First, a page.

Ensuring that hackers don't escape prosecution became more likely last week when an international approach to legislating against cyber-crime was approved.
The measures will come into force on Friday, 23 November, at a meeting in Budapest, so long as foreign ministers from five countries, including at least three Council of Europe (CoE) member states, ratify it and sign the Convention.
Rupert Battcock, IT law specialist at legal firm Nabarro Nathanson, believes the Convention will raise the standard of international cooperation on cyber-crime.
"There had been concerns that countries such as the Philippines lacked adequate laws when it comes to the prosecution of hackers," he said.
Earlier this year, Reonel Ramones, the suspected author of the Love Bug virus, escaped prosecution due to lack of evidence, and the fact that laws in the Philippines were not framed to deal with computer crime.
Key to the success of the Convention will be persuading countries to sign up. The involvement of countries which are not members of the CoE in developing the content of the agreement, such as Japan and the US, significantly increased the chances of adoption, said Battcock.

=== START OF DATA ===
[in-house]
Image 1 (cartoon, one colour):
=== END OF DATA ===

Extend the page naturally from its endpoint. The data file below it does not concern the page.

However, the UK would be under no obligation to sign up to the agreement if the government perceived it not to be in the national interest, he added.
Industry has welcomed the Convention. The involvement of the IT industry had helped the CoE to produce a reasonable approach to tackling crime on the internet, said Tim Conway, director of industry affairs at trade body the CSSA.
"This is far more acceptable than the [European Commission] proposals," said Conway. "The EC has been working on a directive that would allow police to insist data logs would be kept for up to seven years."
The CoE Convention proposes that records of data traffic be restricted to a period of 60 days, and internet service providers (ISP) will only be required to do so having following a court order.
"This wouldn't prevent the UK from introducing more draconian measures," warned Battcock.
The British government has recently come under fire from ISPs concerned about proposals to use anti-terrorist legislation to make it easier for law enforcement agencies to force ISPs into storing data in less serious criminal investigations.
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